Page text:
Fifty percent of U.S.-based employees work in “very diverse” workplaces and 30 percent work in “somewhat diverse” workplaces, a recent poll found, yet less than half of employees (46 percent) believe that diversity makes their employer—or its products and services—better.
These are some of the findings of a poll of 427 working Americans by Workplace Options, a work/life services provider, in conjunction with Public Policy Polling.
A majority of respondents said their employer “embraces diversity” (63 percent) and offers diversity training (53 percent), but more than one in five respondents (22 percent) said their employer does not embrace diversity and that diversity training is not available in their workplace. One in five respondents said they would be less attracted to a job if an employer promoted and embraced a diverse workplace.
Some experts suggest employees might lack sufficient information to make an informed decision about the value of workplace diversity.
“Diversity is an idea that’s often discussed but rarely explained,” said Dean Debnam, chief executive officer of Workplace Options, in a statement issued Sept. 26, 2012, along with the results of the poll. “Business success is dependent on new ideas and alternative ways of thinking, regardless of the industry, product or service. This fact is precisely why diversity is so valuable, because it brings new perspectives into an organization.”
“People generally support diversity in the workplace as a good idea, but they don’t always understand the benefits, beyond the social and cultural impact,” added Alan King, president of Workplace Options, in an e-mail message to SHRM Online. “We really wanted to know whether the average employee recognizes a connection between diversity in the workplace and a better end product or service,” he added.
When asked about the connection between diversity and business results, more than a third of employee respondents (36 percent) said they don’t think workplace diversity improves products or services. Nearly one in five (18 percent) were unsure.
Insufficient or ineffective communication about the meaning and benefits of diversity and inclusion on the bottom line—and for employees—could be to blame, experts said.
“Getting diverse perspectives and talent from a variety of backgrounds in the door is a great first step,” Debnam said. “But integrating these ideas and experiences into the fabric of the organization and the products or services a company provides is how diversity translates to better business.”
“The radical demographic shifts that are occurring in emerging markets in the U.S. and globally are about being able to sell more goods and services to emerging consumers,” explained Shirley Engelmeier, founder, CEO and chief inclusion strategist for InclusionINC, in an e-mail to SHRM Online. “This is a huge business issue.”
Benefitting from Diversity
It’s not enough to have a diverse workforce, experts agree; employers must know how to leverage difference.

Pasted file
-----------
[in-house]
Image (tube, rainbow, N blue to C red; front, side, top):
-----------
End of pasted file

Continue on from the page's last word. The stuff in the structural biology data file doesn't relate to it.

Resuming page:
“Many employers give diversity a great deal of lip service from HR and corporate policy perspectives, but they don’t leverage it effectively once it comes in the door,” Debnam said in a statement.
One way to make the most of such differences is to understand the varying perspectives employees bring to the workplace. The Workplace Options poll identified some notable differences. For example:
- Women are 14 percentage points more likely than men to participate in diversity training if offered (70 percent vs. 56 percent).
- Men are more likely than women to say that they would work for an employer with no diversity (57 percent vs. 41 percent).
Engelmeier offered an explanation for those findings: “Women are more likely than men to participate in diversity training because they still are in the minority in leadership positions throughout an organization,” she said.
Gender is just one diversity variable with which employers must contend.
“A lot of employers educate their staff about cultural sensitivities or ethnic differences, but that is not nearly enough,” Debnam said.
“Inclusion is much broader than diversity,” Engelmeier wrote to SHRM Online. “Inclusion is about collaboration, innovation and engagement. Inclusion is about emerging markets and the bottom line.”
In her book, Inclusion: The New Competitive Business Advantage (InclusionINC Media, 2012), Engelmeier offered several ways to engage a diverse workforce:
- Share your strategy with your employees. This not only gives employees a big-picture perspective, she explained, but also “increases the odds that they will share their unique insights and ideas with you.”
- Ask for their input. “If you rely entirely on a handful of managers and top executives to come up with great new ideas, you’re missing out on the brainpower of the majority of your workplace,” she said.
- Listen and evaluate the idea, not the person presenting it.
- Act on what you determine to be the best course of action. “Inclusion is first and foremost about making sure everyone gets a chance to be heard, even if their ideas aren’t always used.”
- Provide feedback to your employees about why you did or did not take their suggestions. “This will reassure employees that their ideas were truly considered and not just passed over.”
- Thank your employees for being willing to contribute.
Rebecca R. Hastings, SPHR, is an online editor/manager for SHRM.
Inclusive Workplaces Lead to Engaged Employees, SHRM Online Diversity Discipline, August 2012
Inclusion Is Key Ingredient in Diversity’s Recipe, SHRM Online Staffing Management Discipline, May 2012
Inclusion Yields Business Advantages, SHRM Online Diversity Discipline Q&A, December 2011
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SHRM Connect Diversity & Inclusion community
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